Sunday, December 27, 2015

Welcome to Mr. Bing's

I had no idea so many people flew on Christmas day. San Francisco, here I come.

My favorite food critic recently named Portland the best food city in the country, with San Francisco second. I did Portland this past summer, reveling in it just as he'd done a few weeks later. San Fran is number two and here  I am.

Welcome meal: sushi from "boats" floating around an endless water carousel at the sushi bar in Chinatown, reminding me of those restaurants that have a conveyor belt with dishes you pluck from the non-stop parade. There's a sign in front of my chair that reads, "Be aware of your purse." I assume this applies despite the late hour and fact that it's Christmas Day.

Our server is surly and we're the only people in the place until just before we leave. Still, it's a fitting and tasty welcome to the city by the bay.

First order of the first day after breakfast (and the sticker shock of an $18 omelet): the Coit Tower, an homage to concrete and a local female firefighter who left the city $117,000. WPA murals, steep walking paths and a docent with thick black hair growing out of his ears (distracting) make for a colorful experience.

I worship at the altar of the Beats, wandering down Jack Kerouac Alley where he was unceremoniously tossed after an epic binge nearby.

Walking Lombard Street, I am amazed at the log jam of cars waiting to drive its many switchbacks instead of actually experiencing them on foot. The Cliffside, garden-lined Filbert Street steps are worth the major aerobic workout they provide. I am a passionate walker in a walking town.

I can't very well come here and not go to the Fishermen's wharf, no matter how touristy, now can I? Salty's Famous Fishwich delivers massive fish and shrimp salad sandwiches with cilantro slaw, enjoyed at a sunny table with a view of Alcatraz.

But the serious fun is at the Musee Mechanique, a cavernous repository of vintage amusements and games. For a quarter, I watch the history of the San Francisco earthquake on a series of sepia-toned stereo photographs, squeeze a lever to determine my sex appeal (mild) and watch another stereograph series depicting what saloon dancers do on their day off (try on lingerie and pose fetchingly).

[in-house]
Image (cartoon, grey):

Before we leave, we squeeze into a vintage photo booth to mug for the camera to document this trip with four strips of photos as sepia-toned as those showing the earthquake and dancing girls. Best souvenir ever.

Walking back through North Beach's Italian section, we stop for wine at an old school Italian place where our server winks at us and touches us far more than you might expect him to.

The type thing you see here that you'd never see in Richmond: a handwritten sign in a restaurant window that reads, "Today's lunch special - half rabbit and fries," unfortunately spotted after we'd had lunch.

Dinner is at the kind of completely traditional Italian place - North Beach Restaurant - where the waiters (all men, natch) wear suits, the busboys wear black chef coats and the ancient Italian host has only half his teeth but great patter.

Our server reminds me of Crazy Nate back in Richmond, except in a suit and without the rickety bike.

An antipasto platter for two eats like a meal on four plates: housemade prosciutto, salame and cheese, veal shanks, beans and onions, and sautéed calamari. And that's just the appetizer.

Columbia Tower intrigues me because it was built by a shady mob boss, then purchased by the Kingston Trio in the '60s. The Dead recorded there. Since the '70s it's been owned by Francis Ford Coppola and operates as a wine bar with scads of old photographs from his movies and film shoots.

In the basement of the triangular building, I spot a Coppola family tree next to a photograph of Francis on a pedestal surrounded by nubile young women who look vaguely Pan-Asian. He looks as content as I feel sipping a glass of his Sofia Blanc de Blanc.

It may be my first day in San Francisco, but my legs tell me I've already earned it.

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